Much better! Once I turn my account off vacation mode, I can watch the cards roll in.

Being able to tag a card for a specific deck and then apply filters and actions based on that tag enables more fluid control over things such as budget (keeping those tagged wants within a total dollar amount) and acceptable condition/languages (to cast the net wider and increase likelihood sellers are able to make a package). Next, we will look at some of the ways maintaining the deck becomes easier with tags once the cards have arrived.

Maintaining the List

Granted, not everyone likes having their entire collection or decked cards as part of Haves. I get that. Cardsphere might be just for the cards you want to sell or trade. If that's the case, the rest of this section may not be applicable to you. Though I encourage you to read on just in case this tagging workflow sparks a new idea.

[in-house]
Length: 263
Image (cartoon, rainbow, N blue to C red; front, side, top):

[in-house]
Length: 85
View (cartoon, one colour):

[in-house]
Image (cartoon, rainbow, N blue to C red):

As cards arrive and are able to be marked received, there are a couple important options in the Confirm Receipt modal. We want to add the received cards to our Haves list with the same tag as it had on our Wants list. This will allow us to do similar filtering and mass actions by our tag later.

To browse the decklist from Haves, we could go to the Filter tab and select the tag under Tagged with all just like on the Wants page, but there is a bit of a shortcut on the Tag Manager screen. In our list of tags, you'll notice there is a quantity of tagged Haves and a quantity of tagged Wants to the right of the tag text. Both of these are links and clicking one of them will take us to the corresponding Haves or Wants page with the filtering already applied!